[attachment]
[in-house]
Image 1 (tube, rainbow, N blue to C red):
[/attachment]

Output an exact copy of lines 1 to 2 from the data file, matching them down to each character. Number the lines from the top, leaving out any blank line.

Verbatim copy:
[in-house]
Image 1 (tube, rainbow, N blue to C red):